Kieran Boylan affair

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The Kieran Boylan affair refers to a long-running saga involving the convicted drug dealer Kieran Boylan and his links as a protected informant of the Garda Síochána (Ireland's national police force).[1]


Boylan, from County Louth, was the owner of a trucking firm in Ardee and had numerous drugs convictions in England and Ireland.[1][2][3] In December 2003, the National Bureau of Criminal Investigation (NBCI) caught him at Dublin Port in possession of heroin and cocaine worth €€750,000. He was sentenced to five years imprisonment in December 2005.[2][3]

On 6 October 2005, while on bail, members of the Garda National Drug Unit (GNDU) caught Boylan in possession of heroin and cocaine worth €1.7 million in the yard of his trucking firm. The case against him was withdrawn twice, the second time in July 2008 when his trial collapsed, leading to reports that the convicted drug dealer had been assisted by gardaí (members of An Garda Síochána).[2][3]


The publicity around this matter led to the Garda Síochána Ombudsman Commission's widest, longest and costliest inquiry, with the Ombudsman sending the Kieran Boylan file to the Director of Public Prosecutions (DPP) In December 2012.[1][4] In May 2013, the investigation concluded with no evidence established of any improper conduct by gardaí. It was later revealed that gardaí had disrupted the GSOC's investigation and refused to co-operate with it. In 2014, the GSOC disclosed to the general public that there had been a security alert at their office, an event which, it was later revealed, resulted from a suspicion that gardaí were bugging the office due to the GSOC's investigation into the Kieran Boylan affair.[1] Sinn Féin President Gerry Adams told the Dáil on 19 February 2014 “Today, following a radio interview in which I was asked about the Boylan angle, I was contacted at my Dáil office by a man who said he was the Kieran Boylan in question. He objected strongly to Sinn Féin highlighting this aspect of the bugging scandal.”[5]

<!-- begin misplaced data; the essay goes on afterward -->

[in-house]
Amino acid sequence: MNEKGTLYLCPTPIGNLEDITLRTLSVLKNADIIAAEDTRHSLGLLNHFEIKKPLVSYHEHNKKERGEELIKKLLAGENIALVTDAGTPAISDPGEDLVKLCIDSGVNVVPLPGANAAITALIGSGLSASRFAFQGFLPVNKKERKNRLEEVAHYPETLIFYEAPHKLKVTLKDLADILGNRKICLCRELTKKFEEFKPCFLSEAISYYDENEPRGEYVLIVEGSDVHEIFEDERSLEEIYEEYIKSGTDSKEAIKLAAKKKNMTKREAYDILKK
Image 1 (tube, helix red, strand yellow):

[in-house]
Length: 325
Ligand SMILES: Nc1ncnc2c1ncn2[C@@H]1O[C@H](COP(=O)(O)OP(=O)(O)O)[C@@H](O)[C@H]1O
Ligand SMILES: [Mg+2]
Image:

In the midst of these events, Garda Commissioner Martin Callinan was granted a further two years in his role by justice minister Alan Shatter, due to last until August 2015.[1] However, on 25 March 2014, Callinan resigned over his remarks about whistleblowers, leaving in his wake the first revelations to the general public of widespread Garda phone recordings of civilians.[6][7][8]

See also[edit]


  1. ^ a b c d e Cusack, Jim (16 February 2014). "Informant probe sparked watchdog surveillance fears: A four-year Ombudsman investigation into handling of an underworld source caused resentment". Sunday Independent. Retrieved 16 February 2014. 
  2. ^ a b c Mooney, John (3 August 2008). "Questions as Kieran Boylan case dropped". The Sunday Times. Retrieved 3 August 2008. 
  3. ^ a b c Anderson, J. P. (14 October 2008). "Corruption: The Kieran Boylan File". Drugs Info News Ireland. Retrieved 14 October 2008. 
  4. ^ "Garda Ombudsman sends Kieran Boylan file to DPP". RTÉ News. 13 December 2012. Retrieved 13 December 2012. 
  5. ^ Hennessy, Michelle (19 February 2014). "Adams contacted by man claiming to be convicted drug dealer Kieran Boylan: The Sinn Féin president said the man took issue with comments he made in a radio interview linking bugging at the GSOC offices to the ombudsman's inquiry into garda collusion with Boylan". The Journal. Retrieved 19 February 2014. 
  6. ^ O'Doherty, Caroline (25 March 2014). "Martin Callinan: Good cop turned bad?". Irish Examiner. Retrieved 26 March 2014. 
  7. ^ Greenslade, Roy (25 March 2014). "Irish police chief's resignation vindicates sacked investigative journalist". The Guardian. Retrieved 25 March 2014. 
  8. ^ "Irish inquiry: Concerns over Gardai secret phone recordings". BBC News. 25 March 2014. Retrieved 25 March 2014.